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Vegetable Sources of Cholesterol

author image Dana Severson
Based in Minneapolis, Minn., Dana Severson has been writing marketing materials for small-to-mid-sized businesses since 2005. Prior to this, Severson worked as a manager of business development for a marketing company, developing targeted marketing campaigns for Big G, Betty Crocker and Pillsbury, among others.
Vegetable Sources of Cholesterol
Foods rich in antioxidants. Photo Credit: robynmac/iStock/Getty Images

While you generally hear that cholesterol is found in meats, dairy and fried goods, there's still some question if vegetables contain this dietary substance. Luckily, the answer is quite simple. Vegetables (as well as fruits, nuts and whole grains) do not contain cholesterol. For a food item to have dietary cholesterol, it would need to come from an animal or contain a product from an animal. However, it's quite possible that a vegetable could contain fat, such as polyunsaturated fat and monounsaturated fat, both of which can affect your cholesterol levels.

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When it comes to polyunsaturated fat, there are a number of vegetables that contain relatively high levels of this dietary substance. Soy beans appear to have the most polyunsaturated fat, coming in at right around 6g, but you can also find this healthier fat in alfalfa, arugula, asparagus, banana peppers, cauliflower, chives, jalapeno peppers, kidney beans, pinto beans, radishes, spinach and zucchini squash. Most of these vegetable products contain fewer than 2g of polyunsaturated fat. With monounsaturated fat, you'll find larger quantities in olives and avocados.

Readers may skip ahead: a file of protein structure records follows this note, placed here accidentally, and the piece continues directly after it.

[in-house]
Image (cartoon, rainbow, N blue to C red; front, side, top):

Another common vegetable source of fat, namely monounsaturated fat, is oil. Some oils derived from vegetables (and other plant life) contain a sizable amount of this healthier fat. Sunflower oil is one of the leading sources of monounsaturated fat, coming in at 19g, but you may also find it in safflower oil, olive oil, canola oil, avocado oil and corn oil.


Though these two fats are considered healthier than either saturated fat or trans fat, you still need to pay attention to your consumption. According to the American Heart Association, they should only make up 25 to 35 percent of your daily caloric intake. Higher amounts could eventually affect your cholesterol levels, causing them to rise and increasing your risk of high cholesterol, high blood pressure, atherosclerosis (narrowing of the arteries), heart disease, heart attack and stroke.

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